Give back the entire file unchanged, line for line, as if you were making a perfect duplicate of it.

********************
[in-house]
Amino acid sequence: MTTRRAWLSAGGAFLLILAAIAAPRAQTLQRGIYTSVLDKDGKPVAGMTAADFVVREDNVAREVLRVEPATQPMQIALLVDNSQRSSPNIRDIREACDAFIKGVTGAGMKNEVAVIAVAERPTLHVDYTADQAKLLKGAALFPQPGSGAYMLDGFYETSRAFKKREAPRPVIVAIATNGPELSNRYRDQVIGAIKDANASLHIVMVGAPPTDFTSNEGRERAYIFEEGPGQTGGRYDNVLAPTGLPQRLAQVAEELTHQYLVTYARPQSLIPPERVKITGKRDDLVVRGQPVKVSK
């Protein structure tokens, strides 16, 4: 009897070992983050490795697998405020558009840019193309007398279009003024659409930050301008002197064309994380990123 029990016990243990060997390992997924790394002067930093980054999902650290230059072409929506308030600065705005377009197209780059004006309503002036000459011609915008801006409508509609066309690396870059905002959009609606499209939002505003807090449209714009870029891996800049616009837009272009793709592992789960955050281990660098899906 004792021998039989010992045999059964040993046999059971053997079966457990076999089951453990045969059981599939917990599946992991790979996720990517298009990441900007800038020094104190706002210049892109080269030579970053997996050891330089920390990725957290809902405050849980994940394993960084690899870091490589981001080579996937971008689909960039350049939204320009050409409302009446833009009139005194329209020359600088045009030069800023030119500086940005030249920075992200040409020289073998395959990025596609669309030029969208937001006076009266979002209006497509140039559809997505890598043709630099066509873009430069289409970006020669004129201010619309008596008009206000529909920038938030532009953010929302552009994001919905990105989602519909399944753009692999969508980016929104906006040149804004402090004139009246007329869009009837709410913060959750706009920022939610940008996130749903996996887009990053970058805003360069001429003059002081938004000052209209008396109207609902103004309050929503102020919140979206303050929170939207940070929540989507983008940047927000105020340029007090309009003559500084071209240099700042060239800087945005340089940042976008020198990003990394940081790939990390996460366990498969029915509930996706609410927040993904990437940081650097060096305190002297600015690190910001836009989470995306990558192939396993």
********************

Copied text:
[in-house]
Amino acid sequence: MTTRRAWLSAGGAFLLILAAIAAPRAQTLQRGIYTSVLDKDGKPVAGMTAADFVVREDNVAREVLRVEPATQPMQIALLVDNSQRSSPNIRDIREACDAFIKGVTGAGMKNEVAVIAVAERPTLHVDYTADQAKLLKGAALFPQPGSGAYMLDGFYETSRAFKKREAPRPVIVAIATNGPELSNRYRDQVIGAIKDANASLHIVMVGAPPTDFTSNEGRERAYIFEEGPGQTGGRYDNVLAPTGLPQRLAQVAEELTHQYLVTYARPQSLIPPERVKITGKRDDLVVRGQPVKVSK
């Protein structure tokens, strides 16, 4: 009897070992983050490795697998405020558009840019193309007398279009003024659409930050301008002197064309994380990123 029990016990243990060997390992997924790394002067930093980054999902650290230059072409929506308030600065705005377009197209780059004006309503002036000459011609915008801006409508509609066309690396870059905002959009609606499209939002505003807090449209714009870029891996800049616009837009272009793709592992789960955050281990660098899906 004792021998039989010992045999059964040993046999059971053997079966457990076999089951453990045969059981599939917990599946992991790979996720990517298009990441900007800038020094104190706002210049892109080269030579970053997996050891330089920390990725957290809902405050849980994940394993960084690899870091490589981001080579996937971008689909960039350049939204320009050409409302009446833009009139005194329209020359600088045009030069800023030119500086940005030249920075992200040409020289073998395959990025596609669309030029969208937001006076009266979002209006497509140039559809997505890598043709630099066509873009430069289409970006020669004129201010619309008596008009206000529909920038938030532009953010929302552009994001919905990105989602519909399944753009692999969508980016929104906006040149804004402090004139009246007329869009009837709410913060959750706009920022939610940008996130749903996996887009990053970058805003360069001429003059002081938004000052209209008396109207609902103004309050929503102020919140979206303050929170939207940070929540989507983008940047927000105020340029007090309009003559500084071209240099700042060239800087945005340089940042976008020198990003990394940081790939990390996460366990498969029915509930996706609410927040993904990437940081650097060096305190002297600015690190910001836009989470995306990558192939396993």